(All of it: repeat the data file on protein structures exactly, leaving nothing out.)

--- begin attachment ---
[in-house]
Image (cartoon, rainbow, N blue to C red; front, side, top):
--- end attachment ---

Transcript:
[in-house]
Image (cartoon, rainbow, N blue to C red; front, side, top):